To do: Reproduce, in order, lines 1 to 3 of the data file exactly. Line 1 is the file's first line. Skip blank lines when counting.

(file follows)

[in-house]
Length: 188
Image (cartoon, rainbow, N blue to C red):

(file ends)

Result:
[in-house]
Length: 188
Image (cartoon, rainbow, N blue to C red):